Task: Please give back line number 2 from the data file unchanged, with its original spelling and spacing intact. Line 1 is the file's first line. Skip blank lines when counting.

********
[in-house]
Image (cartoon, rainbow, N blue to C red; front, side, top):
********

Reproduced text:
Image (cartoon, rainbow, N blue to C red; front, side, top):